Save money to rescue bus services, councils told

12 August 2011

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12 August 2011 | Angeline Albert

Councils must come up with “imaginative” approaches to save money through procurement to prevent cuts to bus services, according to transport minister Norman Baker.

Responding to criticism from MPs over reductions to local bus operations Baker said: “The government accepts that the overall funding settlement for local authorities is challenging. We are keeping a close eye on whether councils are approaching this imaginatively, finding savings in procurement and back-room staff, or just reaching for the axe and cutting front-line services.”

The UK government’s spending review has led to a 28 per cent reduction in local authority revenue this year and a 20 per cent cut in the bus service operator’s grant from next year.

Yesterday the House of Commons Transport Committee criticised local authorities for cutting bus services in England, which they say could be prevented with procurement’s help.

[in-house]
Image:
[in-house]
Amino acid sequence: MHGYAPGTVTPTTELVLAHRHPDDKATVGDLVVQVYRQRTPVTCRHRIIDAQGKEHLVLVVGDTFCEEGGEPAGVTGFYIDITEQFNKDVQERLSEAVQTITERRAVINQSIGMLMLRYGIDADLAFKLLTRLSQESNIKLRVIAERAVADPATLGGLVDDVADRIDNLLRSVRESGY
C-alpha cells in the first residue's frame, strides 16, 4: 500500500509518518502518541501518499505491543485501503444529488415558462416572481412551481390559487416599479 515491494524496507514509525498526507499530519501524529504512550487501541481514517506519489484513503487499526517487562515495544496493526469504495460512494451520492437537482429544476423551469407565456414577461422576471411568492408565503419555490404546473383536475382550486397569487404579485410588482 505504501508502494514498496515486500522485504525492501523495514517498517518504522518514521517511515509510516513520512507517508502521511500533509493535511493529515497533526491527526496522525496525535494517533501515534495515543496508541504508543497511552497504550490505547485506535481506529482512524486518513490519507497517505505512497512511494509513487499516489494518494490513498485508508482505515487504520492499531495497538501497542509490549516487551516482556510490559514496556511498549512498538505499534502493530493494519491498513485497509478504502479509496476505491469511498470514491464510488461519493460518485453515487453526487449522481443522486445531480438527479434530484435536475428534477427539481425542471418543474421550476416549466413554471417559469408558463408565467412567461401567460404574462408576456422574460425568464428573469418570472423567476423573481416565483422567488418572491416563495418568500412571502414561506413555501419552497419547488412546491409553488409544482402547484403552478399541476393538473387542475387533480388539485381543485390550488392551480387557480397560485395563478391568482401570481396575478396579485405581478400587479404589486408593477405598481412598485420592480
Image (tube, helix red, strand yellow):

The Committee’s report Bus Services after theSpending Review, on England’s bus services outside London, said: “The Department [for Transport] (DfT) should identify examples of best practice of local authorities that have responded innovatively to budgetary pressures to provide a cost-effective, flexible mix of local transport services. The Local Government Association should play a key role in disseminating these examples of best practice across local authorities.”

The group of MPs also warned deeper cuts to bus services are likely from 2012, as councils struggle to deal with budget reductions. “The DfT should seek information about the provision of alternative transport modes, such as community transport, in areas where local authorities have scaled back tendered services,” advised the report.

Louise Ellman, MP and chairman of the Committee, said: “We have seen a significant number of bus services withdrawn around the country and there is every indication that fares are set to rise well above the rate of inflation in some areas. We know that more than 70 per cent of local authorities have moved rapidly to reduce funding for supported bus services, forcing most operators to withdraw services or push up fares - or both.”

Baker said the government was monitoring the effects of changes to the bus market since the spending review, and would respond formally to the report in the next few months.

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